Sounds of trains in the surf – from the surf to trains encompasses millions of years
in subways of the sea
– sounds of…erasing time

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And an even greater undersound – good idea here, cannot really say what this means, as his words are better than mine
of a vast confusion in the universe – this is more than one planet

a rumbling and a roaring
as of some enormous creature turning
under sea and earth
-jung’s overmind?

a billion sotto voices murmuring -one sound-echoes of 2001’s music-Thus Spake Zarathustra…the voices when the ape discovered the obelisk

a vast muttering-another sound
a swelling stuttering- a third sound
in ocean’s speakers- a trio of sound

world’s voice-box heard with ear to sand -back to just this planet, and the earth speaks

a shocked echoing
-has this happened before?
a shocking shouting

of all life’s voices lost in night – we are now beyond the universe, talking about the running down of creation, ebb after the flow from the big bang, everything is slowing down, entropy

And the tape of it – everything is collapsing back into the original singularity….the I of the first line, which lay in the sand is there.

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somehow running backwards now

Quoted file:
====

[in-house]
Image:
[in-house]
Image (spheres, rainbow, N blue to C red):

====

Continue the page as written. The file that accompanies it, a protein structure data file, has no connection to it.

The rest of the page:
through the Moog Synthesizer of time
Chaos unscrambled
back to the first
harmonies
And the first light.

Lawrence Ferlinghetti

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1. StudyCorgi. "Analysis of Ferlinghetti’s A Vast Confusion." October 25, 2021. https://studycorgi.com/analysis-of-ferlinghettis-a-vast-confusion/.


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StudyCorgi. "Analysis of Ferlinghetti’s A Vast Confusion." October 25, 2021. https://studycorgi.com/analysis-of-ferlinghettis-a-vast-confusion/.

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StudyCorgi. 2021. "Analysis of Ferlinghetti’s A Vast Confusion." October 25, 2021. https://studycorgi.com/analysis-of-ferlinghettis-a-vast-confusion/.

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StudyCorgi. (2021) 'Analysis of Ferlinghetti’s A Vast Confusion'. 25 October.